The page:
Subscribe / Unsubscribe Enewsletters | Login | Register

Pencil Banner

How to reclaim your privacy in Windows 10, piece by piece

Ian Paul | Aug. 25, 2015
Windows 10 has deep cloud hooks and shares a lot of data with Microsoft in order to create a smart, seamless experience across devices. If you lean more towards privacy, here's how to disable all of it.

windows10 privacy cortanasettings

But if you’re just not into Cortana, turning it off is very simple. And if you’ve never used Cortana then don’t worry about it! It’s already off.

For everyone else, click on the Cortana icon in the taskbar, and then click on the notebook icon on the left-hand side of the pop-up panel. Select Settings from the list of options that appear.

Now, just slide the top option that says “Cortana can give you suggestions, ideas, reminders, alerts, and more” to Off.

Once Cortana is gone, you’ll see a new option that says “Search online and include web results.” As its title suggests, this includes Bing results when you search for things on your PC. You’ll have to decide whether you want that enabled or not.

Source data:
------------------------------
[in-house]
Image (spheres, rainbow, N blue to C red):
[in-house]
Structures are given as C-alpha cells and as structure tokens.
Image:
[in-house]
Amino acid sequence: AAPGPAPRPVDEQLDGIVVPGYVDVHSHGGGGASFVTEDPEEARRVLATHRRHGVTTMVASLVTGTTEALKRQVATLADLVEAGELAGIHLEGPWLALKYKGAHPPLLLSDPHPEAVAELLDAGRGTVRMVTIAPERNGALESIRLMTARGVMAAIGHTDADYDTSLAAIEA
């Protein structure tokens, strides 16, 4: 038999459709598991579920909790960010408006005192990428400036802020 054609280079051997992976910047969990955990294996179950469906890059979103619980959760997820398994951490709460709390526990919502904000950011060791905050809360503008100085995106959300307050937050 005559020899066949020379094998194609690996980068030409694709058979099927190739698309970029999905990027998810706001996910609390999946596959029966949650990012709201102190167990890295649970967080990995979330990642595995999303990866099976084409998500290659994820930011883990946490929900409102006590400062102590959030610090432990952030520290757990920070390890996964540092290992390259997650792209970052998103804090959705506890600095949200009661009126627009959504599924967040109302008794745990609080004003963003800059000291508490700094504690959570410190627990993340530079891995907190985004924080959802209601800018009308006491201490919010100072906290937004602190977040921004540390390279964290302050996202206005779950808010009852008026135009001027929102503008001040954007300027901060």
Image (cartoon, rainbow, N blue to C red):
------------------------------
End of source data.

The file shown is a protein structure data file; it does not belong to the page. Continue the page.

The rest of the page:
At this time, it’s also a good idea to jump back into the Settings app’s privacy section. Open Settings and go to Privacy > Speech, inking, and typing. This is a setting that allows Cortana to gather all kinds of data about you to properly deliver its services. Click the Stop getting to know me button to end that. Note that this will delete collected data stored on your PC, and also turns off dictation functionality.

Once that’s done, click on “Go to Bing and manage personal info for all your devices.” This is where you can scrub any data that Microsoft has collected about you from the company’s servers. Clearing this data will affect the performance of Cortana and other personalization services across your devices and Microsoft services. You can read through this page to understand what you’re losing, or just jump to the bottom and click Clear.

Wi-Fi Sense and peer-to-peer

Now let’s handle two features of Windows 10 that are innovative, but privacy types may not appreciate.

The first is Wi-Fi Sense. This is turned on by default, but doesn’t do anything unless you explicitly use it. Wi-Fi Sense allows you to share access to password-protected Wi-Fi routers. The passwords are shared silently in the background over encrypted connections. People you share network access with never see the actual passwords, and they are not in turn granted sharing permissions for their friends.

The idea is that if your friends or family come over to your house they don’t have to ask for your password. Instead, anyone with a Windows 10 device and is a digital friend of yours is automatically logged in. This is arguably more secure than sharing your password with anyone who walks through your door. Once a person knows your Wi-Fi password they can easily share it with others, after all.

 

Previous Page  1  2  3  4  5  6  Next Page 

Sign up for CIO Asia eNewsletters.